On 25 February 2022, Matthias Krings and Solomon Waliaula (Mainz University) presented recent findings of their research project “Cinema narration in East Africa – an intermedial practice at the interface of film and storytelling” at the CEDITRAA research seminar.
Cinema narration is a concept that refers to a media practice characterised by oral artists, also called V-jays, engaged in a play-by-play commentary of mainly foreign language films, initially for the benefit of those members of the audience that did not understand the foreign languages in which the films were produced. In the past, it was all about live performance but later the artists became more enterprising and dubbed their voice and wide gamut of verbal art on the films, producing new digital versions in the process. The artistic flair and imagination to the storylines rendered this process much more than mere translation, and the practitioners much more than translators. Kiswahili has been the major language used, particularly in Kenya and Tanzania, in Uganda, Luganda, the dominant language, has been used as well. Over time, cinema narrating has gradually become a thriving industry with artistic, socio-economic, cultural and technological implications. Among other things, it is one of the emergent artistic genres of popular media culture, an opening for entrepreneurial activity, and also a major player in the transitions and conflation of media technology in East Africa. In October 2021 Kenya’s leading film commentator DJ Afro has signed a contract with Netflix Kenya and has since produced a first commented movie trailer. In their presentation Krings and Waliaula discussed film narration as a hybrid performance genre situated between film and orality, highlighted the genre’s conventional elements and sketched its most recent adaptations on Kenyan social media.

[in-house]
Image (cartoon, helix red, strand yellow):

The project is financed by Thyssen foundation and continues until May 2023.
Photo: Solomon Waliaula with DJ Mike in his studio (Kenya Nov. 2021).